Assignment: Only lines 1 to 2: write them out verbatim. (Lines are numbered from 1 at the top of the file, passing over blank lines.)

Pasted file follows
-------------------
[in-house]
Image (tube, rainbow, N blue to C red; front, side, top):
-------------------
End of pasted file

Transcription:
[in-house]
Image (tube, rainbow, N blue to C red; front, side, top):